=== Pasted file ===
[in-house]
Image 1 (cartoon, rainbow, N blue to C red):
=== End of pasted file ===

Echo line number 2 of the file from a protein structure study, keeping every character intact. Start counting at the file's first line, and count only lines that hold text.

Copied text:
Image 1 (cartoon, rainbow, N blue to C red):